“I’m honestly overwhelmed and I can’t stop crying and I’m so excited and I can’t believe this just happened,” student Courtney Bentz said.
“We showed everyone this is the real Penn State and this is what Penn State is about; it’s about these kids and it’s about raising money so one day, no kid has to hear they have cancer,” Megan McFadden of Northeast Philadelphia said.
The total shattered last year’s record $9.5 million for the 46-hour event. It was announced Sunday afternoon to more than 700 dancers who began to tango and twist on Friday night to raise money for The Four Diamonds Fund at Penn State Hershey Children’s Hospital.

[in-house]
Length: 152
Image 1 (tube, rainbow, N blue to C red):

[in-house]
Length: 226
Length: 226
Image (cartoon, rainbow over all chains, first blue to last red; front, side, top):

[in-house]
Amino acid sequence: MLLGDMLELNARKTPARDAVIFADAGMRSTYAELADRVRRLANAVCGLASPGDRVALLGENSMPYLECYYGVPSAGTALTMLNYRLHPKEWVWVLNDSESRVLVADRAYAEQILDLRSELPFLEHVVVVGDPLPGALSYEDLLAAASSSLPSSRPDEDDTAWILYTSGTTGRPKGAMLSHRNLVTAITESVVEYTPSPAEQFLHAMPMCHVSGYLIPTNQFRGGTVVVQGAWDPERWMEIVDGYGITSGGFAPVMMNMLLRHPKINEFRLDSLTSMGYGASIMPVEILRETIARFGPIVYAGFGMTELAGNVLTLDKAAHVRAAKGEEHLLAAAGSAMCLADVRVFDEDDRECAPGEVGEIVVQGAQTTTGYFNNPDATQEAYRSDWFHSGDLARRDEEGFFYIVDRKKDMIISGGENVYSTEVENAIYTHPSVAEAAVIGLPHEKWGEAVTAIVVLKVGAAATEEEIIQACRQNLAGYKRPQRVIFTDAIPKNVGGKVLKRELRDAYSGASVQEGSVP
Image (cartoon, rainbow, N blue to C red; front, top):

While we are all pretty upset about how the Penn Stateboard of Trustees handled the recent scandal, I think it is important to remember that the role of the board is much more than one issue that brought other problems to the forefront. While the catalyst for all that we are currently upset about was definitely the firing of Joe Paterno and the handling of the whole affair (inept at best), the problem runs much deeper. When I look at the make up of the board of trustees (which most of us alums have ignored for years–yes, we are partially to blame for not watching the hen house), I think it was just a matter of time before something catastrophic would occur. Here we are, 2012, with a major legal and public relations blunder on our hands. I believe that only by working on the board’s structure and the policies and procedures that resulted in this mess can we clean up the “closed” hierarchy that currently runs the show. We need more clarity, less “pompous,” and a responsibility to our students, faculty, and alumni that seems to have been lost in the quest to become the “fat cat.” As a member of the board of trustees, I would take the past debacle and work to make sure that Penn State does better by learning from the mistakes–whatever they are–and they go well beyond firing Joe Paterno.